"Republicans face a choice, and the choice is theirs," said Rep. Chris Van Hollen, Md., the senior Democrat on the House Budget Committee. "If they want to drive off the fiscal cliff, that means they want to go into January demanding that people like Mitt Romney get a bonus tax break or nobody gets any tax relief."
It was not clear how Republicans would respond. Late Tuesday, House Speaker John Boehner, R-Ohio, was expected to repeat his insistence that Republicans stand firm against any increase in taxes, especially for taxpayers who earn more than $250,000. That category includes many business owners.
Democrats said an Obama victory would give him a mandate on the tax issue because the promise to raise taxes on the wealthy was a centerpiece of his campaign. Some senior Republicans agree. For months, Republican tax aides have been at work on ideas for a potential compromise that would keep the top tax rate at 35 percent, as Republicans prefer, while enacting new provisions to extract about $55 billion next year from households earning more than $250,000 a year, meeting Obama's goal to raise taxes on top earners.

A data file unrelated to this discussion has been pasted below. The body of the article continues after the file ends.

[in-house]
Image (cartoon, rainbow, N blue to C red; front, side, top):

Republicans said such a deal, if possible, would hinge on Obama's willingness to rein in the cost of federal entitlement programs, including Social Security and Medicare, the biggest drivers of future borrowing. Obama's most recent budget request proposed only modest trims to federal health-care programs, totaling about $360 billion, and no changes to Social Security.
Obama went further in 2011 budget negotiations with Boehner, offering to raise the eligibility age for Medicare from 65 to 67 and to apply a less-generous measure of inflation to Social Security benefits. However, liberal Democrats are opposed to those changes and others that reduce retirement benefits, while it is not clear that Republicans who have been demanding more fundamental restructuring of Medicare would view even those changes as a sufficient reason to raise taxes.